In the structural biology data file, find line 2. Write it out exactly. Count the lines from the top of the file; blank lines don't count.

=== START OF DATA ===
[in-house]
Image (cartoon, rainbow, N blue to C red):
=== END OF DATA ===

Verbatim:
Image (cartoon, rainbow, N blue to C red):